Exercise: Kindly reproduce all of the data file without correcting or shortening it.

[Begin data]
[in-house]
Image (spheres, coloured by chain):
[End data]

[in-house]
Image (spheres, coloured by chain):